I agree with you maya but there is a problem if I remain what I am made for then why should I go to any guru or teacher to change me. If I am a plum I should remain a plum .

  13. Jasbir,

    The reason, why we seek out gurus or healers, is because we have lost a connection to our authentic selves. This happens due to the conditioning that all of us receive from birth in order to civilize and socialize us and make us fit in. Unhappily however it also has the sad effect of cutting us of from the most authentic parts of ourselves, which we then spend the rest of our lives searching for in any number of different ways.

    Our education system is geared to make us as compliant as possible, so that we are the least trouble to society. That in fact seems to be the main aim of education. So our real education begins when we become aware of all the conditioning and set about finding how much of what we think and believe comes from our true selves and the reality in the world and how much is conditioning. When we finally make a connection to what ‘feels right’ and not what we are told is right we begin our journey back to real happiness.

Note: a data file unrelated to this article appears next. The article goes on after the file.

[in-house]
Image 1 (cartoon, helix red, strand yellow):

But this takes a lot of courage and hard work and most of us couldn’t be bothered, because as in the movie ‘The Matrix’, living with an illusion can be too comfortable to give up. Most of us learn to live with the discomfort of just being automations, who parrot what we are taught and live out what we are told is a ‘successful’ life. But of course there is a price to pay. It is no wonder then, that psychiatrists are doing brisk business.

    Lata Tauro

  14. Hello All,
    You ask about why we might need a Guru or teacher to find our real self. Yes, as Lata says, most of us have lost the connection to our authentic self although the authentic self is always there. Re-establishing the connection is what meditation is all about.